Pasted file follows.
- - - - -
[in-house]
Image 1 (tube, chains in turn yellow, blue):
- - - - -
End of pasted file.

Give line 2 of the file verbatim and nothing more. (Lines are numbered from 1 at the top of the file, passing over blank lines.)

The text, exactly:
Image 1 (tube, chains in turn yellow, blue):